The medical facilities during the Eighth Frontier War (1850-53) were every bit as primitive as were those during the Crimean War only three years afterwards, and these have been well covered in the literature.
Let me describe one incident in the battle of the Boma Pass on 24 December 1850:
"[Major Bissett] spurred his horse but at that moment he was hit by a musket ball which entered low down on the outside of his left thigh, the ball passing upwards and, narrowly missing vital parts, coming out just below his right hip. The shock was like a blow from a sledgehammer and even his horse staggered."
Bissett describes the initial treatment for a wound which had breached his femoral artery:
"I managed to sit my horse until I reached the cavalry; but as I approached a knot of dismounted brother officers I felt so faint that I should have fallen from my horse had I not been caught by one or two of them. The blood had been continually pouring from my wounds, and I should have bled to death before a doctor arrived had it not been for Carey, who had a tourniquet round his body, which he at once took off and applied to my thigh, and so partially stopped the bleeding."
When the doctor arrived, Bissett described what then happened:
"Dr. Fraser, one of the finest officers in the service, who was the second medical officer, soon arrived on the spot; but the excitement and anguish of mind had been too much for him, and as he kneeled down to examine my wounds he fainted—grand, fine fellow ! It was not from the sight of my wounds that he did this, but from the knowledge that he had to leave the dead and dying in the pass to the merciless tortures and mutilations of the savage enemy. I always carried a flask of cold tea with me in the field, which I managed to take off, and offered it to Fraser. The cool beverage soon recovered him, and his first exclamation was, Oh, my God! I was obliged to leave Stewart." [Dr Stuart had been severly wounded in the chest and then shot through the head - his brains still spattered Bissett's jacket.]
"This has taken me some time to tell, but all this time Dr. Fraser was dressing my wounds; that is to say, he was plugging up the holes and adjusting the tourniquet. Before he had finished, however, a man ran up to say that Captain Catty was badly wounded and dying; so I told the Doctor to go at once; but he soon returned, saying he could not help Catty, and from indications he thought nothing could save him–three balls appeared to have entered his right side and passed into the intestines." [Catty actually survived, his intestines not beingdamaged.]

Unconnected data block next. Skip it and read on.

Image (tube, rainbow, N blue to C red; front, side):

Bissett's next trauma came when he was transported from the battle site, several kilometres to a place of relative safety.
"We had now to push on for two or three miles through a comparatively open country to the Keiskam[m]a Hoek, where we formed a camp for the night—I say camp; but as there was nothing but soldiers without tents, it was a queer sort of camp. What we did was to form a square, with the soldiers lying down with their muskets facing outwards. The Doctor then attended to the wounded. My mode of conveyance from where I was lifted from my horse to the camp was far from a pleasant one. It was in this wise: a man got me by each arm, with his elbow well into my armpits; my face was towards the ground, every now and then scratching over mimosa bush, brambles, and long grass; whilst a third man was between my legs, well up into the fork, with one of my thighs tucked under each of his arms. I don't wish my worst enemy to be in the same position."
I hope that this will give you some idea of the agonies suffered on a Victorian battlefield. The quotations are taken from John Jarvis Bisset, Sport and War: or Recollections of Fighting and Hunting in South Africa from the Years 1834 to 1867
, John Murray: London, 1875.
Gail, after all that I have just realised that you were referring to the Ninth Frontier War 1897-98. Rather than go through it again, may I respectfully recommend my own book, The Wedding Feast War
, which will give you more current information. It is available from the Museum of the Royal Regiment of Wales at http://www.rrw.org.uk/